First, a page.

Applications Open for Niganawenimaanaanig Program for Native Nursing Students

Bemidji State University’s Department of Nursing is seeking applicants for the Niganawenimaanaanig Program, a grant-funded opportunity for American Indian students who major in nursing to receive academic, social, cultural and financial support.

To Apply:
  • Be accepted into BSU
  • Complete FAFSA form; see Office of Financial Aid for assistance
  • Write one-page essay
  • Complete online application form and upload essay

American Indians who have been accepted into Bemidji State and who have a current, completed Free Application for Federal Student Aid (FAFSA) on file with the Office of Financial Aid are eligible to apply for the program. Interested students can apply online; the application requires a one-page essay explaining why the applicant wishes to be part of the program and how he or she plans to use their nursing degree to serve the American Indian community.

All students accepted into Niganawenimaanaanig will benefit from its academic, social and cultural support programs, but students must be admitted to BSU’s four-year nursing program or registered nurse to bachelor’s degree in nursing completion program to be eligible for financial support.

The program is open to all American Indian nursing students at BSU, including students in registered nurse to bachelor of science in nursing degree completion programs. Beginning in November, Niganawenimaanaanig students in degree-completion programs will visit campus to participate in program-related activities twice per semester.

Gathering Space and Support Staff

Work to create a gathering space in Bensen Hall specifically for students participating in the program began this month. This area, a block of three former faculty offices, will create a social space for students in the program and permanent office space for a student mentor, who will be hired as part of the grant program.

“In President Hensrud’s first speech, her number one priority was a renewed focus on BSU’s American Indian students,” said Dr. Misty Wilkie, associate professor of nursing at Bemidji State. “She has held true to that priority. This renovation shows the dedication that our administration has to recruiting and retaining American Indian students.”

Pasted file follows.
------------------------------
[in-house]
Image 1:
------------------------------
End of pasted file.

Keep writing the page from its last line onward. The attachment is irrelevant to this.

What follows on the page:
Bemidji State will soon begin hiring processes to seek both the student mentor and a program assistant/grant coordinator who will help plan and prepare activities for the program’s students and provide clerical support. Students participating in the program will be required to meet with the student mentor each week.

“We want to ensure that a student is fully prepared for his or her week, whether it’s how to manage their time studying with family or other obligations, or to give them a chance to talk about personal or academic concerns,” Wilkie said. “This not only helps them be accountable for their academics, but also gives our students a person they can talk to about any other issues that might interfere with their success in the program.”

About the Niganawenimaanaanig Program

Eligible students participating in Niganawenimaanaanig—an Ojibwe word meaning “we take care of them”— will receive scholarships up to $4,000 — approximately one-half of BSU’s annual tuition cost — and monthly stipends of up to $500 for meeting specific program requirements such as weekly meetings and goal-setting sessions with a faculty mentor, participation in scheduled activities and attending tutoring or study sessions for courses in which they have a grade of C or lower. Students will also be provided with supplies required by the nursing program. Scholarship and stipend amounts are awarded based on an individual student’s financial need.

All program participants will travel to partner tribal nations in the Bemidji region to participate in cultural activities such as harvesting wild rice or maple sugar or gathering birch bark. In addition, six upper-class grant students will be selected to attend a national conference with the program’s faculty leaders.

Students also will have opportunities to meet members of the National Alaska Native American Nurses Association’s Board of Directors and other indigenous leaders, traditional and Western medicine consultants, and elder consultants who will provide students with cultural mentors.

  • Dr. Misty Wilkie, associate professor of nursing, Bemidji State University; (218) 755-2715,